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Utah Ants, Keepers, Flights, and other Resources

utah resource nuptial flight ant keepers species anting buy sell lasius camponotus crematogaster formica tetramorium solenopsis temnothorax aphaenogaster pogonomyrmex

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#1 Online AntsUtah - Posted March 28 2021 - 6:11 PM

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Hello all,

I've been looking around and I have found that there is no anting or nuptial flight watch for the state of Utah. So I thought I would start one for ant keepers that live in Utah now, and for a future reference for ant keepers who might live in Utah or close by. In this thread, anything relating to ants can be posted, specifically nuptial flights, member introductions, local ants, and even ant shops for those interested in buying.

Some quick ant statistics for those of you who are new, Utah has 225* native species, the majority of them being, Formica, Camponotus, Crematogaster, and Lasius.

 

To start off, I recently went anting up a nearby canyon. During my 2 hour expedition I found 4 species of ants:

Monomorium Minimum

Tetramorium immigrans

Solenopsis molesta

Crematogaster cerasi

 

In Utah County, Tetramorium immigrans is unfortunately the most dominant ant species, with monomorium, formica and camponotus following. In this case the thief ants were often living inside the Tetramorium colonies or at least a few inches away. The one large crematogaster colony I found was next to a large termite colony, all under one rock! I had never seen this before, and the ants and termites apparently either ignored each other or did not now of each others presence up to that point. after I flipped their rock, the two groups immediately started to attacking each other, the termite soldiers lunging at the stinging crematogaster workers. The Crematogaster queen was a few inches from all of this, surrounded by a bivouac type of structure. 

This early in the season, ants don't fly in Utah, but you can easily find colonies under rocks, bathing in the warmth, the hard part is finding the queen. I hope this thread will help others and I can't wait to start documenting local nuptial flights!

 

A large tetra colony under multiple stones:

Attached File  IMG-0541.jpg   861.43KB   3 downloads

 

A thief ant colony:

Attached File  IMG-0553.jpg   556.55KB   3 downloads

 

A size comparison between 2 workers:

Attached File  IMG-0572.jpg   126.11KB   3 downloads

 

Two colonies under one rock, the termites on the top:

Attached File  IMG-0558.jpg   716.58KB   3 downloads

 

Crematogaster Workers:

Attached File  IMG-0560.jpg   539.83KB   3 downloads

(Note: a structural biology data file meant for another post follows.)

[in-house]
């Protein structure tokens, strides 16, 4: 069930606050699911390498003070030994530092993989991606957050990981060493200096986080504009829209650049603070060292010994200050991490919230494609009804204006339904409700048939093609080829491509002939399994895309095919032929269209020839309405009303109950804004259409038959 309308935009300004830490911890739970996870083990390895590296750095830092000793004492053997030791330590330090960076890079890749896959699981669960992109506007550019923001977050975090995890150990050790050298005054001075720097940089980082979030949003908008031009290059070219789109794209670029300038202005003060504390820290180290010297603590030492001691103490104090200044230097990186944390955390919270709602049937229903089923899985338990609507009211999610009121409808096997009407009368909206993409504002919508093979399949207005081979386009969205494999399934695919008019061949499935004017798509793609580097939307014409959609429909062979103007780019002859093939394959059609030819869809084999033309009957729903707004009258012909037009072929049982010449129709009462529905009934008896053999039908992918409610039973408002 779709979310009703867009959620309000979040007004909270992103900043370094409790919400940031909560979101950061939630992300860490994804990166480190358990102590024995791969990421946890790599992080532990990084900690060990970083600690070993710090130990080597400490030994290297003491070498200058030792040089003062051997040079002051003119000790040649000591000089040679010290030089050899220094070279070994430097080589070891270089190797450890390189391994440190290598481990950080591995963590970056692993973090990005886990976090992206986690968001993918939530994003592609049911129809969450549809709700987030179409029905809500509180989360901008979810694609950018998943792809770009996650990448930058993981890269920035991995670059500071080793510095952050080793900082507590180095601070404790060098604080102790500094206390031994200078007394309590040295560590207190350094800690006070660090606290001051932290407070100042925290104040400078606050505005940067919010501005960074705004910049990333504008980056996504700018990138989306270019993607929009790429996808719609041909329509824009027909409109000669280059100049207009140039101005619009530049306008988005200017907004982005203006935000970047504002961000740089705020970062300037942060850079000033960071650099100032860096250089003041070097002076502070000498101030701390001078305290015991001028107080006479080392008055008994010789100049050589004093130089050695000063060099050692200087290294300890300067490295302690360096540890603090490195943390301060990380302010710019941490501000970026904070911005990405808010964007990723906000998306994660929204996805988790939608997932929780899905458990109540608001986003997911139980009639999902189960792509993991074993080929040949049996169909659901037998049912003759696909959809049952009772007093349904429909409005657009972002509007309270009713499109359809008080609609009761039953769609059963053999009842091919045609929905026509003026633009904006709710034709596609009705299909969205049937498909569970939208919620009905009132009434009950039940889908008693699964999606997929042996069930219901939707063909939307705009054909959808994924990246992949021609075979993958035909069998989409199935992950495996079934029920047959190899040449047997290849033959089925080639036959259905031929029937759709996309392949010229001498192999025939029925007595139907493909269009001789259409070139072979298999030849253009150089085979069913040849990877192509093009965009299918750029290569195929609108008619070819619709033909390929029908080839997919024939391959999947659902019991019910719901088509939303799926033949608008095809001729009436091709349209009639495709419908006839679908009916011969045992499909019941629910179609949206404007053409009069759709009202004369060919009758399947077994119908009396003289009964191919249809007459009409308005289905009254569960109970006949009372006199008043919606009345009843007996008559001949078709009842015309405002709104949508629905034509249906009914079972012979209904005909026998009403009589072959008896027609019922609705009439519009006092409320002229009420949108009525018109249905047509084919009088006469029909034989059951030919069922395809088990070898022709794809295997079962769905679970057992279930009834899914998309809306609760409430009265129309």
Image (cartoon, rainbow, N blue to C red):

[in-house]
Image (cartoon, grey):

The unknown termite species:

Attached File  IMG-0566.jpg   498.8KB   3 downloads

 

*Ant Maps


Edited by AntsUtah, August 13 2021 - 5:25 PM.

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#2 Online AntsUtah - Posted April 6 2021 - 9:25 AM

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4.3.20

 

A quick recap of my anting trip on April 3:

Temp: 75-80 degrees

Weather: Low cloud cover and full sun

 

I recently went back up the same canyon for about an hour and had tremendous success, I found around 20 colonies, 15 of which were Crematogaster. This surprised me as I had seen only a few Crema colonies until now, and to think they were right under my nose for years! I also found 2 colonies of different Lasius species, both were small in number and size. It was pretty hot that day so many of the queens were visible at the top in each colony. But I think the most important thing I learned was the exact conditions needed for finding crema colonies, with a 90% success rate of finding a colony:

  • Go anting on a warm, sunny day up a canyon/valley
  • Look for elevated areas with small, lush micro fauna, usually on the sides of a road/trail
  • Find 3-15 inch stones with a certain lichen growing on them (pictured below)
  • Flip the stone and try not to disturb the nest, the queen will be buried under a dogpile of workers

I used these steps to find more ants then I could ever count. All in all it was a good anting trip, still trying to find Formica in the canyon, as they are out everywhere in the sub-urban areas. Species found in order from most common to least common:

  • Crematogaster emeryana
  • Small Lasius colonies
  • Solenopsis molesta
  • Monomorium minimum
  • Tetramorium immigrans
  • Camponotus hyatti